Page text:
Archive for June, 2011

Five Songs, Part 35

June 24, 2011

Welcome to the final Five Songs of June.

Well, the first song, from Bobby Goldsboro from 1973, which takes place on the last day of June, came up in a friend’s discussion on her Facebook wall last week. And it’ll probably be a post at some point about music — about all those songs from the quaint, innocent ’70s that weren’t quite so innocent, and made it to top-40 radio. Back then, the song was written off the heels of the hit film “Summer of ’42,” but today we’d probably call it statutory rape.

As for two of the other songs: I was prompted to put up “Summertime’s Calling Me” by The Catalinas as a nod to my WPKN colleague Chris Frantz (of Talking Heads/Tom Tom Club), who devoted his show today to Carolinas beach music. I wasn’t up in time to hear the show, but I’m glad he chose to shine the light on beach music.

Guess I’m Dumb” comes in response to Glen Campbell’s sad revelation this week that he has Alzheimer’s. (And God, no — this has nothing to do with his condition! I just love this song. It just hit me that I could be misconstrued here.) This version came from a 1965 appearance on “Shindig!” (There’s also one of him lip-syncing the song on “Shivaree,” but the sound quality isn’t as good.) The song was written by Brian Wilson (with Russ Titelman) — and, as younger music fans might not know, Glen replaced Brian on bass in early ’65 on The Beach Boys’ first tour after Brian’s nervous breakdown.

The other two are random memory grabs from the outer brain.

And, oh hell, since there are no rules here: I know for sure Chris played this song — a 1994 summit meeting of the now-departed icons of punk and beach music — so a sixth song has just been added at the last minute. Happy weekend:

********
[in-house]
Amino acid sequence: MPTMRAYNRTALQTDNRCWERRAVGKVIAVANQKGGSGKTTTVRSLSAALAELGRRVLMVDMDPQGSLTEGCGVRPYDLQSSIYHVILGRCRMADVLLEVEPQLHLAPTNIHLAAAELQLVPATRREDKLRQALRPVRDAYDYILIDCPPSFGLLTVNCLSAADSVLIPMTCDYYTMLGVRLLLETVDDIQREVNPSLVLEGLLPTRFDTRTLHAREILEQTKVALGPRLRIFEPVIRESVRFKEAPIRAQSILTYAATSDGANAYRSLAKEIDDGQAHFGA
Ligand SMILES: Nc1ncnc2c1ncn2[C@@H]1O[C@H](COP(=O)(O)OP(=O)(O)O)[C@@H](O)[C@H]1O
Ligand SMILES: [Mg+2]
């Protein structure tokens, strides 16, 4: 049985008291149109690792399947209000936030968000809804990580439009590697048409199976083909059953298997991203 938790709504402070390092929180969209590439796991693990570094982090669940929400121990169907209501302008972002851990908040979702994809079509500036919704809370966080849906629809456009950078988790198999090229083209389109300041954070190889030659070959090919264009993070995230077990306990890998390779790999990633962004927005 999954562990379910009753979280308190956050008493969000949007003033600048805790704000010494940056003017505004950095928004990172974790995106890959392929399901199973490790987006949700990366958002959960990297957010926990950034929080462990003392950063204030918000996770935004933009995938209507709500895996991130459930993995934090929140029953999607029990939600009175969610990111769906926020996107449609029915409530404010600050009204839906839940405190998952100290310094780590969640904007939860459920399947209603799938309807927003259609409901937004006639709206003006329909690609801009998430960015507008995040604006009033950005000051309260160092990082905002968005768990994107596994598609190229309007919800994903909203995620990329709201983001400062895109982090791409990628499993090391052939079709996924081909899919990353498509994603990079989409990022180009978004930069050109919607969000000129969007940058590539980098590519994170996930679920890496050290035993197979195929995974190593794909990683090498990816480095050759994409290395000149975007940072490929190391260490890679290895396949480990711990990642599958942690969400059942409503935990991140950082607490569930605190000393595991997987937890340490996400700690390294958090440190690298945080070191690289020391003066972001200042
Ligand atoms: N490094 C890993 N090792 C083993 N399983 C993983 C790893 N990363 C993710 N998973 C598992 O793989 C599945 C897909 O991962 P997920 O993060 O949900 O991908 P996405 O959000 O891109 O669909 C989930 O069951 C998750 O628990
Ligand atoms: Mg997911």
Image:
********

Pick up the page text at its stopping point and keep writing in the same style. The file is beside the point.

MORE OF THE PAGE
Summer (The First Time) — Bobby Goldsboro

Summertime’s Calling Me — The Catalinas

Guess I’m Dumb — Glen Campbell

We Are 138 — The Misfits

Trapped in a Love Affair — Brenda Holloway

Bonus Last-Second Sixth Fifth Song: Rockaway Beach — The Godchildren of Soul featuring Joey Ramone & General Johnson

NEW HAVEN REGISTER ARCHIVES: Legendary saxophonist Clarence Clemons turns 62 Sunday. But the two nights before, he’ll show the Mohegan Sun crowd HE’S STILL A YOUNG MAN

June 19, 2011

This interview with Clarence Clemons ran as the cover story of the New Haven Register’s Weekend section Friday, Jan. 9, 2004, two days before his 62nd birthday; it was a preview of shows by his own band, Clarence Clemons’ Temple of Soul, that night and the next at Mohegan Sun Casino’s Wolf Den.

Anyone who puts out a newspaper’s entertainment section, as I did for 11 1/2 years, cringes around the holidays, since the two weeks of January after the holidays are usually the deadest time of the year for events, and finding people for interviews during the holiday season? Fuggedaboutit! But as serendipity would have it, the Big Man was coming to one of Connecticut’s two monstrous casinos (free shows, at that), the editor of the paper was a bigger Springsteen fan than I was, and I was able to line up something far enough ahead of time.